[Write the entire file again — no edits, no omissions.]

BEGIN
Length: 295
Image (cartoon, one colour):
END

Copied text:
Length: 295
Image (cartoon, one colour):